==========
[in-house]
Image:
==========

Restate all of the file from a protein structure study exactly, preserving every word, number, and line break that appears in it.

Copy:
[in-house]
Image: